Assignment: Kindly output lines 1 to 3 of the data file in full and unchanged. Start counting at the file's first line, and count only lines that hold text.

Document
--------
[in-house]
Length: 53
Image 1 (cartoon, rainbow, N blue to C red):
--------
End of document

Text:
[in-house]
Length: 53
Image 1 (cartoon, rainbow, N blue to C red):